I was hiking in Radnor Lake and came across this little display that someone, or someones, had put together. A miniature Stonehenge, I thought, although Stonehenge is made up of single giant rocks arranged in a circle and probably built to make astronomical calculations and, by the way, isn’t really a henge according to the completely arbitrary definition of henges, but that’s another story.
It also reminded me of Avebury, which is a henge, and also a stone circle that completely encloses a British village which is cool and depending on your disposition a little unnerving. Or a lot unnerving if, like me, you were one of those kids warped by the British miniseries Children Of The Stones. In Britain it was only shown in 1977 and 1978, but on the States side of the pond then fledgling Nickelodeon picked it up as part of its series The Third Eye and ran at least three times between 1983 and 1984. Much of it was filmed in and around Avebury, and the stone circle—in fact the stones themselves—is so integral to the plot it’s practically a character in itself.
Even as an adult it’s a lot of fun for me to watch the series (it’s available on YouTube and with seven half hour episodes is shorter than the last Avengers movie), but not in a nostalgic hey-there’s-that-thing-from-my-childhood way. For a show mainly aimed at younger viewers Children Of The Stones is surprisingly dark and intelligent, which is why it holds up so well. There’s no sex and only a little very mild violence, and it’s hard to describe the plot without giving too much away. The teenage Matthew Brake comes to the village of Milbury with his father Adam, who’s an astrophysicist studying the stones. Each one has a powerful magnetic field. Together with a small group of locals who are also mostly new arrivals they realize something is going on. People within the stone circle change. They become happy all the time, which seems idyllic, but could just as easily be entrapment.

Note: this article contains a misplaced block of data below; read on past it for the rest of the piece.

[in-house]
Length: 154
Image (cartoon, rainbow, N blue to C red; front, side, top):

The series writers adapted it into a novel which I found in my school library at about the same time I was watching the show. The novel sticks to the story, but lacks a lot of what makes the broadcast so powerful: the haunting soundtrack and the excellent acting.
What made it so great is, of course, also why Children Of The Stones is fondly remembered—Stewart Lee talked to some of the producers and actors in a 2012 look back—but fortunately it’s never been remade. And it would be a terrible if it were.
Although it holds up well and even though most of the action was contemporary Children Of The Stones is very much a period piece. The period may be more recent than, say, Downton Abbey, but there’s still something about it that’s removed in time. In the first episode Mr. Hendricks, the local lord of the manner, offers up his “usual toast,” saying, “Old times and new.” Even at the time that sort of very English formality, not to mention lords of manors, was starting to disappear. The world was changing, and the changes were even reaching rural places. Trepidation about the vanishing past was captured in series like Upstairs, Downstairs, and the Kinks album The Village Green Preservation Society.
The mystery of Milbury is, of course, that it’s a place more or less stuck in time. It may not quite be William Blake’s Jerusalem, but clinging to the past in Milbury isn’t entirely futile because it’s caught in an endlessly repeating cosmic cycle.
Stone circles and other ancient monuments, and even modern monuments, served or serve various purposes, but the one purpose they all have in common is that they are reminders. The past may slip away from us but the stones of Stonehenge, or Avebury, or a pile of stones placed on a stump in the woods are all someone’s way of saying, I was here.